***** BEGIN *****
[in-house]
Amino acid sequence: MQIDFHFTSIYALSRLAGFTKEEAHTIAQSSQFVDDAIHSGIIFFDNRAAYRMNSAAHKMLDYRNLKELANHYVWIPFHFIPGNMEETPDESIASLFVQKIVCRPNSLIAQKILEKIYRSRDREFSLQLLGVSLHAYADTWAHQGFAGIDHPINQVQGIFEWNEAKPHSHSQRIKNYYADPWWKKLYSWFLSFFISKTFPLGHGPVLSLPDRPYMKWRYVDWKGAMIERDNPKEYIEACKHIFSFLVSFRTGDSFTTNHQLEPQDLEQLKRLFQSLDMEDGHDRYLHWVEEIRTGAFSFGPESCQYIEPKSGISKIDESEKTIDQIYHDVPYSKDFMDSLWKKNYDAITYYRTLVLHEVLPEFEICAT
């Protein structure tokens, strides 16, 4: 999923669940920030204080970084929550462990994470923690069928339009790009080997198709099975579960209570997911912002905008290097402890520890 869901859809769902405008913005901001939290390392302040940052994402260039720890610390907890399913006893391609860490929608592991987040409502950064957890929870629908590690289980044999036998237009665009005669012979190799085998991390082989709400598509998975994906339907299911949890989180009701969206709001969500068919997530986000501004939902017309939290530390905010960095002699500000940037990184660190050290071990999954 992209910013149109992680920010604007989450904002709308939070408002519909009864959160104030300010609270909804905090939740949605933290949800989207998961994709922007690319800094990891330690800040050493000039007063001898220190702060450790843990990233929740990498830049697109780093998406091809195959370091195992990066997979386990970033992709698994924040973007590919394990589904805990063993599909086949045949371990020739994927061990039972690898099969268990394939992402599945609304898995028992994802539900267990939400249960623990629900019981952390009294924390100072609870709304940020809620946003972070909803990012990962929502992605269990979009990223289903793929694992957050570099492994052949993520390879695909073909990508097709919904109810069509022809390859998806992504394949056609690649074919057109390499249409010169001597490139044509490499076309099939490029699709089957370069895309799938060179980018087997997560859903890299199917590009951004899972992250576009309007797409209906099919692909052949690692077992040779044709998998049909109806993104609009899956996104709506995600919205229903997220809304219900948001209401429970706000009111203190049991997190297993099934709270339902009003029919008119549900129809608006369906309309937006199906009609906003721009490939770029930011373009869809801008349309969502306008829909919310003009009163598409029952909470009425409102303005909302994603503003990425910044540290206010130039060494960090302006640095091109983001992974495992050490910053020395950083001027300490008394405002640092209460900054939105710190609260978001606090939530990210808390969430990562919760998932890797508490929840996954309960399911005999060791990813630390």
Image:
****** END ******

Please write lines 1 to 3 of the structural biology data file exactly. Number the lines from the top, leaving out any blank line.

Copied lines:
[in-house]
Amino acid sequence: MQIDFHFTSIYALSRLAGFTKEEAHTIAQSSQFVDDAIHSGIIFFDNRAAYRMNSAAHKMLDYRNLKELANHYVWIPFHFIPGNMEETPDESIASLFVQKIVCRPNSLIAQKILEKIYRSRDREFSLQLLGVSLHAYADTWAHQGFAGIDHPINQVQGIFEWNEAKPHSHSQRIKNYYADPWWKKLYSWFLSFFISKTFPLGHGPVLSLPDRPYMKWRYVDWKGAMIERDNPKEYIEACKHIFSFLVSFRTGDSFTTNHQLEPQDLEQLKRLFQSLDMEDGHDRYLHWVEEIRTGAFSFGPESCQYIEPKSGISKIDESEKTIDQIYHDVPYSKDFMDSLWKKNYDAITYYRTLVLHEVLPEFEICAT
């Protein structure tokens, strides 16, 4: 999923669940920030204080970084929550462990994470923690069928339009790009080997198709099975579960209570997911912002905008290097402890520890 869901859809769902405008913005901001939290390392302040940052994402260039720890610390907890399913006893391609860490929608592991987040409502950064957890929870629908590690289980044999036998237009665009005669012979190799085998991390082989709400598509998975994906339907299911949890989180009701969206709001969500068919997530986000501004939902017309939290530390905010960095002699500000940037990184660190050290071990999954 992209910013149109992680920010604007989450904002709308939070408002519909009864959160104030300010609270909804905090939740949605933290949800989207998961994709922007690319800094990891330690800040050493000039007063001898220190702060450790843990990233929740990498830049697109780093998406091809195959370091195992990066997979386990970033992709698994924040973007590919394990589904805990063993599909086949045949371990020739994927061990039972690898099969268990394939992402599945609304898995028992994802539900267990939400249960623990629900019981952390009294924390100072609870709304940020809620946003972070909803990012990962929502992605269990979009990223289903793929694992957050570099492994052949993520390879695909073909990508097709919904109810069509022809390859998806992504394949056609690649074919057109390499249409010169001597490139044509490499076309099939490029699709089957370069895309799938060179980018087997997560859903890299199917590009951004899972992250576009309007797409209906099919692909052949690692077992040779044709998998049909109806993104609009899956996104709506995600919205229903997220809304219900948001209401429970706000009111203190049991997190297993099934709270339902009003029919008119549900129809608006369906309309937006199906009609906003721009490939770029930011373009869809801008349309969502306008829909919310003009009163598409029952909470009425409102303005909302994603503003990425910044540290206010130039060494960090302006640095091109983001992974495992050490910053020395950083001027300490008394405002640092209460900054939105710190609260978001606090939530990210808390969430990562919760998932890797508490929840996954309960399911005999060791990813630390």